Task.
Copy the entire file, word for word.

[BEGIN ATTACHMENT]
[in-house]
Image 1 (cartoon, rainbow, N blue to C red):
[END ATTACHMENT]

[in-house]
Image 1 (cartoon, rainbow, N blue to C red):